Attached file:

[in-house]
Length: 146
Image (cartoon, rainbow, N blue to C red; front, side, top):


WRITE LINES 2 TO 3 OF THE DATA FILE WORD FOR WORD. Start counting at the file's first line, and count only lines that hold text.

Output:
Length: 146
Image (cartoon, rainbow, N blue to C red; front, side, top):